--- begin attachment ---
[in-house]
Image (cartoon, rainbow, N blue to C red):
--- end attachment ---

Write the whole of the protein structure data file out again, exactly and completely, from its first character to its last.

[in-house]
Image (cartoon, rainbow, N blue to C red):